Sunday, April 7, 2013

Verdi's Don Carlo
I recently got CDs of this opera out of the library.  Unfortunately, I haven't yet found it possible to replace my old LP version.  Yet this opera means a lot to me - my son, too; that's his drawing - and I just had to hear it again.

Don Carlo is one of Verdi's later operas and a musically complex work.  It does not pretend to be a historical account of events during the reign of Philip II of Spain; rather, it was adapted from Friedrich Schiller's play.  Schiller, writing in the early years of the 19th century, had a revolutionary turn of mind and made the mentally challenged Carlo a would-be political hero.  Verdi, a true Risorgimento revolutionary, had it adapted for opera - all the drama he could ever want, and a lesson in liberty, too.

I, too, used this opera as a teaching tool, since I discovered my son would learn anything you could put to music.  The auto-da-fe scene, with the voice from Heaven welcoming the victims, was a great way to teach the necessity of separating church and state.  The scene in Philip's chamber, when he is forced to bow to the will of the Grand Inquisitor, is even better.  ("Then the throne must always bow to the altar," the king concludes bitterly.)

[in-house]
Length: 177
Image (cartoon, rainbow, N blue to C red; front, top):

Verdi's vision of civil liberty is represented by Carlo and his (fictional) friend Rodrigo trying to get Philip to stop the persecution of Flanders under the Duke of Alva.  (This particularly vicious persecution, combined with the actions of the Conquistadors in America, ruined Spain's reputation in history.)  

I find it particularly fitting that the ghost of Charles V plays a pivotal part in the opera.  The fink who founded the Holy Roman Empire did withdraw to a cloister before his death.  In the opera, he has remained as a spirit, posing as a friar.  "The woe of the world follows us to the cloister," he intones.  "Only heaven can calm the war of the heart."  My son's drawing shows him calling to his startled grandson.  To have a good operatic ending and satisfy an old revolutionary, he appears if full regalia to Philip and the Grand Inquisitor and drags Carlo off to the safety of the cloisters.

This is wonderful, multi-leveled music, with especial beauty in the horn parts.  The characters - too many to mention here - are well drawn and believable.